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Posts Tagged ‘interview

I watched Sound of Metal which starred Riz Ahmed as a musician who was losing his hearing. The movie was a record of his journey from discovering his condition to seeking a “cure” to living in a commune for the hearing impaired.

The movie was as moving as it was unnerving, largely because the audio simulated what the protagonist was going through.


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In his interview with Stephen Colbert, Ahmed revealed what he learnt while preparing for his role. I was struck by his takeaway:

… deafness isn’t a disability, it’s a culture. It’s a way of being in the world… Deaf people aren’t hearing impaired, we’re impaired because we don’t speak sign language.

Sign language is such a rich form of expression. I actually feel that the deaf community taught me the true meaning of listening.

I wonder how many educators who have students with special needs focus on the latters’ disabilities instead of their abilities. Are we not disabled if we do not first watch and listen?

Preamble: I am adding this important note after writing and scheduling my reflection. I just found out that the creator of the video below, Raynard Heah, passed away recently after a battle with cancer. He was also the interviewer and narrator in the video. I knew Raynard for only a short period, but I valued his passion to share what he learnt with his colleagues. The teaching service has lost a valued son.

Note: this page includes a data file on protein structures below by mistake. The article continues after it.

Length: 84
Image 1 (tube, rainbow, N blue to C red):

This was odd — my blog stats alerted me about an entry from 2013 was receiving an unusual number of hits.

That entry was my reflection about a video interview when I was the head of a centre for e-learning.


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I could not remember what happened during the interview, so I watched the video again. After cringing at my droning voice and frumpy appearance, I was surprised at how relevant the questions and answers were today.

The three main questions were:

  1. What is e-learning?
  2. What are some common mistakes teachers make when implementing e-learning?
  3. How might teachers get a good start on e-learning?

The short version of my answers were:

  1. Here is what e-learning is not: Simply completing tasks for a checklist; trying to replicate classroom teaching.
  2. Mistakes: Focusing too much on the “e” and not enough on the “learning”; trying to transfer face-to-face strategies wholesale and uncritically to an online environment; assuming that being technologically savvy is the same as being digitally wise.